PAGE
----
This insight applies not only to Japanese lacquerware and statuary but to gilded Renaissance and Medieval religious art and the excesses of crown jewels. It even applies to the flash of rhinestone cowboy and rock-star costumes, which are meant to be seen at a distance under stage lights.
The curious case of Clark Rockefeller, aka Christian Gerhartsreiter, is a textbook example of evil impersonation. He's also the living embodiment of the locker-room motto--"Go big or go home". If you're going to assume an identity, might as well assume a biggie. (He's got a certain family resemblance, as the NY Post pointed out.)
A former German exchange student, Clark made a few missteps of style while hanging around old-money Cornish, New Hampshire--ostentatious wheels, name dropping--but he had a better- than-expected art collection, and that's always useful. Previously, he'd resided in a San Marino, CA guest house where police are preparing to unleash ground-penetrating radar in hopes of finding traces of his former landlords, who haven't been seen since 1985. He moved away shortly thereafter.
He's got the opportunistic knack of meeting the right people. Turning up in Montana, he adopted a mutt from the local shelter--where Maggie McGuane, daughter of novelist Thomas McGuane and actress Margot Kidder, was volunteering. Where's Fluffy now?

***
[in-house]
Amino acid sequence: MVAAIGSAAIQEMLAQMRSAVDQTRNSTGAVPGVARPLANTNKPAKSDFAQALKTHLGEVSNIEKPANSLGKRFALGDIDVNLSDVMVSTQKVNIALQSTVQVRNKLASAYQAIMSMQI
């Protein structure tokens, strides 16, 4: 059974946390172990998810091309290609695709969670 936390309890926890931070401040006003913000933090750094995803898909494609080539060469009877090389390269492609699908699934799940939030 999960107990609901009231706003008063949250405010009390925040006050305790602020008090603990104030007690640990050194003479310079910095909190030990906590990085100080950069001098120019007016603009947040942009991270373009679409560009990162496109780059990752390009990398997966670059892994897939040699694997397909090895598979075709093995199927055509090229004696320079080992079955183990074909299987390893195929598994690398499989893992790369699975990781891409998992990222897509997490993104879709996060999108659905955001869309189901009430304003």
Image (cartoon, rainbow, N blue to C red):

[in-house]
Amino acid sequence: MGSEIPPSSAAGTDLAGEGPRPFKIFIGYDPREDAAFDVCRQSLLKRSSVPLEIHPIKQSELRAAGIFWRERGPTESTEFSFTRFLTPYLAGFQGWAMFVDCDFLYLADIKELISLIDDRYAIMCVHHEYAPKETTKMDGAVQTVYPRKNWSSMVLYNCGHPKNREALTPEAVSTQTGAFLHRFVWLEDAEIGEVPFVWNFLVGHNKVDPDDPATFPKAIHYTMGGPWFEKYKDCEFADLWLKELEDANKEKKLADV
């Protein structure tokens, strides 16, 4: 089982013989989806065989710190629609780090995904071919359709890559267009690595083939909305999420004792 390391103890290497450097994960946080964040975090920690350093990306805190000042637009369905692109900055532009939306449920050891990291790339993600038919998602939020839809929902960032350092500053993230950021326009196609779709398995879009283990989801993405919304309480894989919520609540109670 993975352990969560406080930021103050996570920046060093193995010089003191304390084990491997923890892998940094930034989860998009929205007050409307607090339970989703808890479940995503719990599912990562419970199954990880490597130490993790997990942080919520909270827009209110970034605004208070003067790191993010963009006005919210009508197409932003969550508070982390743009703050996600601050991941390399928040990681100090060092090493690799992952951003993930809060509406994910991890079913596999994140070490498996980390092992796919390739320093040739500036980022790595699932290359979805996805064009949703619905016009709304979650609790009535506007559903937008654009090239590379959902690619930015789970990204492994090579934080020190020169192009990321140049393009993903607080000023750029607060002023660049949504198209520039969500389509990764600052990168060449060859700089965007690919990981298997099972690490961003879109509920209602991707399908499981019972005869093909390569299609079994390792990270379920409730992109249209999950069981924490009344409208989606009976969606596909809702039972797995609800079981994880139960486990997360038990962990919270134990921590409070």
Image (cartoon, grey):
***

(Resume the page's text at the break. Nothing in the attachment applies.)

And long story short, he's in custody for kidnapping his daughter off a Boston street. What a tangled web, etc.
But not all fakes are so malicious.
Back in the disco era, the DuPont Twins were everywhere they should have been, all the time. Tall, blond and sweetly 17, they left their catering jobs in Connecticut (working for some woman named Martha) and hit New York just in time to meet Andy Warhol. To be fair, Robert and Richard Lasko only decided on DuPont after getting advice from Holly Woodlawn, who told them they needed a famous name. Well, if anyone should know.....
So, they made the scene and just about everyone around ( they did drugs and Andy) and had a lot of fun. No doubt some naifs took them to be real DuPonts, but they weren't trying to fool anyone. Any day now, the twins are supposed to be played by Zac Efron.
Radar rounds up other impersonators, but of course, no one can really be sure how many are out there.